Standard blood tests are useful for looking at hormone levels, but they tend to give a fairly broad understanding. For example, there are at least 4 different types of oestrogen that can be tested, some of which are more proliferative and linked to breast and endometrial cancers while others are more protective and less damaging. Standard blood tests just give the total oestrogen level and do not differentiate between the different types. Understanding the amounts of different hormones present will also potentially highlight issues with poor excretion of hormones and poor liver function and give specific treatment strategies to reduce risk of disease and treat specific issues such as heavy periods. Functional tests look at salivary levels as well as dried urine to give a more sensitive and detailed assessment of hormone status.

Genetic testing for underlying issues with folate metabolism (MTHFR) is also an important aspect of a fertility workup that Karen undertakes. Polymorphisms (defects) in the MTHFR genes can impair methylation and this has been linked to infertility and miscarriage along with certain cancers and mental health issues.  As the methylation pathway is a nutrient dependent pathway, it is one that specific nutritional supplements can improve.

Adrenals and Thyroid

saliva testThe adrenal glands modulate and support the function of every tissue, organ and gland in your body to maintain balance during stress or illness to help you heal or keep you alive. Many of the hormones produced by the adrenals are essential for good health and vitality, so if your adrenals aren’t functioning well, there can be widespread impacts. Likewise the thyroid is a highly important organ responsible for metabolism and energy in the body. Assessing full thyroid function (not just TSH levels) is important to get an accurate look at the thyroid function. Likewise, a 24 cortisol test can be a good way of assessing adrenal function, whereby salivary cortisol levels are taken 4 times during a 24 hour period to assess how the adrenal functions throughout the day. Other comprehensive dried urine hormone tests can give a lot of information about the adrenal hormones and subsequent adrenal function. For more information on adrenal health click here.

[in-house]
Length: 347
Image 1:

A Summary Of Functional Tests Currently Available:

  • Comprehensive Stool Analysis - this test is an excellent way of  for beneficial & dysbiotic bacteria, clostridium, candida & yeast, secretory IgA, Lactoferrin, White blood cells, Mucus, Pancreatic Elastase, pH & details of possible food digestion impairment of fats, pH testing etc)
  • Parasite testing (Blastocystis hominis, Dientamoeba fragilis, Giardia lamblia, Cryptosporidium)
  • SIBO (Small intestinal bacterial overgrowth)
  • Helicobacter pylori
  • MTHFR gene mutation tests
  • Methylation testing (Methionine, Cysteine, homocysteine, SAMe, SAH etc.)
  • Pyroluria / pyrroles test (a genetic condition linked to anxiety, depression, addictions and behavioural issues)
  • Saliva Hormone Testing (Cortisol, DHEA, oestrogens -E1, E2, E3, progesterone, androgens, testosterone, melatonin)
  • Thyroid Hormones (TSH, fT4, fT4, Reverse T3, Thyroid antibodies)
  • Nutritional Blood Profiles (Vitamin A, B1, B2, B6, B12/Folate, Vit C, Vit D, Vit E, Co-Enzyme Q10, iron studies, magnesium, calcium, iodine, selenium, copper, manganese, zinc, glutathione, omega 3 levels, etc.)
  • Urine Amino Acids profile
  • Histamine testing